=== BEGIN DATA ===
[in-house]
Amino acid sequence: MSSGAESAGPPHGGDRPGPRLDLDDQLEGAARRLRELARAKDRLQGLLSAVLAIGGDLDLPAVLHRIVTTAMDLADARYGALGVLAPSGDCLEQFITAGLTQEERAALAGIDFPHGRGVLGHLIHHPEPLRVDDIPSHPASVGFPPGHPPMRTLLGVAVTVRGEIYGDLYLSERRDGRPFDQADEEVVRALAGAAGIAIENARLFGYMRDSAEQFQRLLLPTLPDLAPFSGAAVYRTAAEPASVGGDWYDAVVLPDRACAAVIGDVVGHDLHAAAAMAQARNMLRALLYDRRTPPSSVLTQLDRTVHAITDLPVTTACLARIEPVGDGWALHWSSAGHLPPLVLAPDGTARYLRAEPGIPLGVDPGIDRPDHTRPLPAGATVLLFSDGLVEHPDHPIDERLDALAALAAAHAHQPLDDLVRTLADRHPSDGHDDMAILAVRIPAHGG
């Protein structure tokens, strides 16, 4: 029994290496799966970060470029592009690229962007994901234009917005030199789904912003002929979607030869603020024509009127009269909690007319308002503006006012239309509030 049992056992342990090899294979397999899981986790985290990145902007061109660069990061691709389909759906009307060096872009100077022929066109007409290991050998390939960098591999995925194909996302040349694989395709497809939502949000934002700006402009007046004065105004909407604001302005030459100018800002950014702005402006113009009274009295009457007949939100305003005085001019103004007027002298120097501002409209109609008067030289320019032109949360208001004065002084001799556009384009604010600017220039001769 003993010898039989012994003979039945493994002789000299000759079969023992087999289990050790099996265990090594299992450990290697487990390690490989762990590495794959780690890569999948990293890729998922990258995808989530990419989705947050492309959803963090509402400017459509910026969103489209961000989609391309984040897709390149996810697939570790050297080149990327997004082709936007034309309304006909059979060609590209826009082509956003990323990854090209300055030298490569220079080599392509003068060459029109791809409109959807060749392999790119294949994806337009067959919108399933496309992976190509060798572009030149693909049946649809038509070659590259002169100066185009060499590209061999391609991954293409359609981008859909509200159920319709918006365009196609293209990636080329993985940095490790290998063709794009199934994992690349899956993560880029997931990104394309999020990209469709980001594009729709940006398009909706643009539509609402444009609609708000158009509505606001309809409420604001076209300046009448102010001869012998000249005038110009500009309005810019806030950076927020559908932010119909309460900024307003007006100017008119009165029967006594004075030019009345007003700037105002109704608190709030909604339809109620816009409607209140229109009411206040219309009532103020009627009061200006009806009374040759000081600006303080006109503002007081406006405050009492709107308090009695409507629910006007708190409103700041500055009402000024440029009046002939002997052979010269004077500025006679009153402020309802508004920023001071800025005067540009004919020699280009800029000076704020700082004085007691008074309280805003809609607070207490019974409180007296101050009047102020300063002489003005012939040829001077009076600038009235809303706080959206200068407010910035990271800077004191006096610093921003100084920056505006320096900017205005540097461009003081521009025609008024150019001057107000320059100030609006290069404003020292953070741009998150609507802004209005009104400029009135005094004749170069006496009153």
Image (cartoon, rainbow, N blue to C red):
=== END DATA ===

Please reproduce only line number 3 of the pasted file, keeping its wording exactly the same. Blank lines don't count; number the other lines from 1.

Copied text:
């Protein structure tokens, strides 16, 4: 029994290496799966970060470029592009690229962007994901234009917005030199789904912003002929979607030869603020024509009127009269909690007319308002503006006012239309509030 049992056992342990090899294979397999899981986790985290990145902007061109660069990061691709389909759906009307060096872009100077022929066109007409290991050998390939960098591999995925194909996302040349694989395709497809939502949000934002700006402009007046004065105004909407604001302005030459100018800002950014702005402006113009009274009295009457007949939100305003005085001019103004007027002298120097501002409209109609008067030289320019032109949360208001004065002084001799556009384009604010600017220039001769 003993010898039989012994003979039945493994002789000299000759079969023992087999289990050790099996265990090594299992450990290697487990390690490989762990590495794959780690890569999948990293890729998922990258995808989530990419989705947050492309959803963090509402400017459509910026969103489209961000989609391309984040897709390149996810697939570790050297080149990327997004082709936007034309309304006909059979060609590209826009082509956003990323990854090209300055030298490569220079080599392509003068060459029109791809409109959807060749392999790119294949994806337009067959919108399933496309992976190509060798572009030149693909049946649809038509070659590259002169100066185009060499590209061999391609991954293409359609981008859909509200159920319709918006365009196609293209990636080329993985940095490790290998063709794009199934994992690349899956993560880029997931990104394309999020990209469709980001594009729709940006398009909706643009539509609402444009609609708000158009509505606001309809409420604001076209300046009448102010001869012998000249005038110009500009309005810019806030950076927020559908932010119909309460900024307003007006100017008119009165029967006594004075030019009345007003700037105002109704608190709030909604339809109620816009409607209140229109009411206040219309009532103020009627009061200006009806009374040759000081600006303080006109503002007081406006405050009492709107308090009695409507629910006007708190409103700041500055009402000024440029009046002939002997052979010269004077500025006679009153402020309802508004920023001071800025005067540009004919020699280009800029000076704020700082004085007691008074309280805003809609607070207490019974409180007296101050009047102020300063002489003005012939040829001077009076600038009235809303706080959206200068407010910035990271800077004191006096610093921003100084920056505006320096900017205005540097461009003081521009025609008024150019001057107000320059100030609006290069404003020292953070741009998150609507802004209005009104400029009135005094004749170069006496009153």